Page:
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Annual Mammograms Starting at 40 Saves The Most Lives – Drugs.com MedNews

Medically reviewed by Drugs.com.

By Carole Tanzer Miller HealthDay Reporter

TUESDAY, Feb. 20, 2024 — Researchers hope a new study will end the debate over the best age to start breast cancer screening and how often to do it.

“The biggest takeaway point of our study is that annual screening beginning at 40 and continuing to at least age 79 gives … the most cancer deaths averted, and the most years of life gained,” said lead researcher Dr. Debra Monticciolo, a professor of radiology at Dartmouth Geisel School of Medicine in Hanover, N.H.

Breast cancer is the second leading cause of death for women in the United States, but only half of women who are eligible for a mammogram get one every year.

Monticciolo said mammogram rates plummeted after the U.S. Preventive Services Task Force (USPSTF) recommended screening every other year at age 50 back in 2009.

The task force drafted new recommendations last year for biennial screening starting at age 40 and continuing as long as a woman is in good health.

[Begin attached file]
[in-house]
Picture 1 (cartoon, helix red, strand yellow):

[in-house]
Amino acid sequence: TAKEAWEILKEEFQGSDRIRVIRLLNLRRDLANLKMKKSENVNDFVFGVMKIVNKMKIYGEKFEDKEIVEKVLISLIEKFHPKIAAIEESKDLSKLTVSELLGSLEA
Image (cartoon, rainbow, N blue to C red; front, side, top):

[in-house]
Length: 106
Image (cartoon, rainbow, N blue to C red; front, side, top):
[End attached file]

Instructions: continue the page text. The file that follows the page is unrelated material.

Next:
“The risks of screening are non-lethal and manageable for most women,” Monticciolo said. “But advanced breast cancer is often lethal. Breast cancer is easier to treat if it’s found earlier; we’re able to spare women extra surgeries and chemotherapy. It’s just a better idea to shift to early detection, and that’s what screening does.”

For the new study, Monticciolo’s team analyzed data from the Cancer Intervention and Surveillance Modeling Network (CISNET).

Key findings:

  • Death rates dropped 41.7% percent when women in the 40- to 79-year-old age group had annual screening.

  • Screening every other year lowered the death rate 30% in women between 40 and 74.

  • Annual screening between 40 and 79 had the lowest rate of false-positive tests (6.5%) and non-cancerous biopsies (0.88%) compared to other screening scenarios.

  • Recall rates for screening mammograms are under 10% and when 3-D mammograms are done annually, that drops to 6.5%.

The findings were published Feb. 20 in Radiology, journal of the Radiological Society of North America.

“It comes down to valuing women’s lives,” Monticciolo said in a journal news release. “I am hoping that primary care physicians see that risks of screening are manageable, and the benefits are tremendous.”

Sources

  • Radiological Society of North America, news release, Feb. 20, 2024

Disclaimer: Statistical data in medical articles provide general trends and do not pertain to individuals. Individual factors can vary greatly. Always seek personalized medical advice for individual healthcare decisions.

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